intuitionistic
EnglishEdit
EtymologyEdit
AdjectiveEdit
intuitionistic (not comparable)
- (mathematics, logic) Dealing strictly in constructive proofs, abstaining from proof by contradiction
- Intuitionistic type theory is based on a certain analogy or isomorphism between propositions and types: a proposition is identified with the type of its proofs. This identification is usually called the Curry–Howard isomorphism, which was originally formulated for intuitionistic logic and simply typed lambda calculus. Type Theory extends this identification to predicate logic by introducing dependent types, that is types which contain values. Type Theory internalizes the interpretation of intuitionistic logic proposed by Brouwer, Heyting and Kolmogorov, the so called BHK interpretation. The types of Type Theory play a similar role to sets in set theory but functions definable in Type Theory are always computable.^{WP}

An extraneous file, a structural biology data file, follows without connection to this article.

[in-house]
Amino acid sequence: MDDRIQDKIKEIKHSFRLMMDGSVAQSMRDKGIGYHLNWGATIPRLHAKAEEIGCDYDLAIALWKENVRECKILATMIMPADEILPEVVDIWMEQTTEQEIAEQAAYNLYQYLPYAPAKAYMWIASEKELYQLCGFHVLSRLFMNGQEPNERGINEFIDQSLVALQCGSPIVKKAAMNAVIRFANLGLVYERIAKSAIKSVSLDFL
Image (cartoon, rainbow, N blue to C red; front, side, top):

- The system, which has come to be known as IZF, or Intuitionistic Zermelo–Fraenkel (ZF refers to ZFC without the axiom of choice), has the usual axioms of extensionality, pairing, union, infinity, separation and power set. The axiom of regularity is stated in the form of an axiom schema of set induction. Also, while Myhill used the axiom schema of replacement in his system, IZF usually stands for the version with collection.^{WP}
Derived termsEdit
Related termsEdit
TranslationsEdit
- Italian: intuizionistico (it)